Pressure’s cooking over hosting dinner parties
Entertaining has become a nightmare, writes DANIEL BATES
THE DELICATE balance of doing the cooking and entertaining the guests has long vexed even the most well-organised of hosts. But now, fuelled by the rise of unforgiving TV shows such as Come Dine With Me, in which any food faux pas is cruelly exposed by the guests, it seems that hosting a dinner party has become culinary nightmare.
According to a survey, many of us now find that inviting friends round to share a meal is more stressful than the daily commute, seeing the bank manager or even going for a job interview.
Hosts are putting pressure on themselves to cook at the level of Michelin star chefs after seeing fellow diners and experts savage one another’s food in reality TV shows such as the BBC’s Master chef and Come Dine With Me on Channel 4.
Some are even resorting to underhand tactics – 16 percent have cheated with the cooking and not told guests, with one in five men admitting to buying in food and passing it off as their own cooking.
The research found that 24 percent of the 1 007 people questioned thought that hosting a dinner party was more stressful than going to a job interview.
About 44 percent claimed that it induced more anxiety than seeing the bank manager, while 57 percent said it stressed them out more than commuting to work. Topping of the list of concerns for nervous hosts is that fear that the dishes will go wrong (36 percent), followed by the guests not enjoying themselves at (33 percent).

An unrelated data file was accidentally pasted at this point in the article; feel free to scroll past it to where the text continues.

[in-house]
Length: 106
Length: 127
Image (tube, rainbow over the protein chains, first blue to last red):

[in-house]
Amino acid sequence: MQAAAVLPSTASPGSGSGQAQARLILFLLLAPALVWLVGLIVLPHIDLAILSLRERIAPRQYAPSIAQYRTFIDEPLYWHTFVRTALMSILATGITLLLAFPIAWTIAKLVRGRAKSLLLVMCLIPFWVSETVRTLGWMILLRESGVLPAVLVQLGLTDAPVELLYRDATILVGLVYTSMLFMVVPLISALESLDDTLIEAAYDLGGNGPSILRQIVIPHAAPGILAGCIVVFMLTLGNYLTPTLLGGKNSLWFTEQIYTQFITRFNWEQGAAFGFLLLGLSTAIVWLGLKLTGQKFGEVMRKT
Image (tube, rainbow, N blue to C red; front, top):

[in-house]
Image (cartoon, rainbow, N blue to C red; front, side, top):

‘TV programmes don’t help because they make things look very easy when, in reality, we all know the chef is putting together the few final elements’
Despite the stress, dinner parties can still prove to be enjoyable and eventful evenings – particularly for the men.
Eleven percent of the males questioned in the survey for After Eight choocolate mints had met their partner at a dinner party.
And 15 percent had secured a job, committed to a business deal or changed career as a consequence of a dinner party.
Supper club host Jim Haynes, who estimates that he has hosted up to 130 000 people for dinner over 30 years, said: “People shouldn’t stress when hosting friends for dinner. In this age of mass communication and mass movement, it’s important to bring people together. The key is to have a nice environment and guests who want to be there.”
Sara Gyngell, who co-founded the Surrey Hills Cookery School in Leatherhead, Surrey, said: “If you are going to do a proper dinner party then it will probably take an entire day to prepare for, so that might well be longer than a job interview.
“Putting on a number of courses is stressful and I’m not surprised so many people find it hard to cope.
‘The TV programmes don’t help because they are very critical and they make things look very easy when, in reality, we all know the vegetables have been prepped beforehand and the chef is putting together the few final elements.
“My advice would be to make things very simple and have a straightforward dish that people will like such as good old shepherd’s pie and serve it at the kitchen table.
“People are so busy these days, they do not have time to slave over a hot stove for an entire day,” said Gyngell. – Daily Mail
FOOD POLICE: TV Shows like Come Dine With Me have added to the stress of hosting a dinner party.